The rubber glove stretched across her mouth and nose did a good job of preventing Marina Cooke from breathing. A snake of fear coiled inside her gut as she realized that. She tried to calm the snake. It’s okay, she told it, this is how it’s supposed to be.

Yoshiro Nakamatsu, an eccentric Japanese man who claimed to have invented more things than Thomas Edison, had figured out that his best ideas came to him when he was near drowning. He invented an underwater pen and notepad, then spent his creative moments at the bottom of a pool, according to what Marina had read online.

Anything to get air, the brain said to itself, or so Marina supposed. Marina didn’t have access to a swimming pool or underwater pen and notepad. She had her laptop and a rubber glove she’d sliced down the middle. She stretched the glove across her mouth and nose, around her head and hooked the two sides together at the back with a clasp made from bent staples.

It was pathetic and stupid and she would have died of embarrassment if anyone had seen her. But her room mate Natalie was out on one of her many dates and Marina was desperate.

That day in class she’d wiggled an extension out of her professor for the term paper she claimed needed a final editing. The truth was that the term paper didn’t exist yet.

Deadlines make us do dumb things. Wine coolers make us do dumb things. Term papers were dumb.

She was timing herself. Sixty seconds without air and hopefully with inspiration. She’d do it maybe five times. Then she’d throw out the rubber glove and pretend this never happened.

The first sixty seconds lasted forever. NO ideas came to her. When the alarm went she had trouble unhooking the mask. Panic clawed at her insides. Right in that moment, when her fingers fumbled with the clasp, she almost thought she had an idea. But then the mask came free and she breathed glorious air and the idea vanished.

She waited for her breathing to calm. Checked Facebook.

Natalie was on a date with a guy she’d met online. Unfortunately for the guy, Natalie liked to live post everything he did, charming or creepy, mostly creepy. But she hadn’t posted anything yet.

So Marina took a deep breath and stretch the rubber glove back over her mouth and nose.

The fear wasn’t so much a snake now as a little worm wiggling back and forth, a worm that told her this was stupid beyond belief and dangerous and she should take the F on the paper and move on with her life.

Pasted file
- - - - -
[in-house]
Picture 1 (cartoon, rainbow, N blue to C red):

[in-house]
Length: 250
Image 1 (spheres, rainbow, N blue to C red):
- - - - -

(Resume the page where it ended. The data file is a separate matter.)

Apart from that, no ideas came to her. She took off the mask without trouble when the alarm went and checked her Facebook.

Natalie had posted: “Guy I’m with tonight says he turned down an internship with NASA. Pretty certain that’s a pile of horse crap.”

Marina snorted. She wished she could be out having fun instead of in here trying to do this paper. Two more times, Marina told herself. Then I’ll take the F.

The next time, she caught an idea at thirty-five seconds. She began typing. It was brilliant. Absolutely wonderful. The alarm went but she wanted to finish her thought so she kept typing.

Finally she took off the rubber glove and read over what she’d written. It was a very solid opening. Her thesis kicked serious ass. This was amazing. She could do this for all her papers.

Should stop now, Marina thought. I have the thesis. I know what my arguments are. I can rough them in. Tell Dr. Barron my computer ate my final draft and all I had was this old version.

She checked her Facebook. Natalie had posted: “Guy I’m with is asking Siri to randomly choose what he should order off the menu. Who does that?”

I didn’t know you could, Marina thought. She looked at the clock. Seventy minutes until the deadline. She’d just written a hundred and fifty words in like a minute and a half. She might be able to nail this thing.

So she pulled the rubber glove across her face again.

This time the conclusion came to her. It was a brilliant, lucid piece of writing. It was as if someone else had written it. She was kind of worried reading it back that Dr. Barron might think she’d plagiarized it. She should use this beginning and conclusion, fill in the rest with her remaining time in point form and say that this was her outline. She’d get at least a D. That was so much better than an F.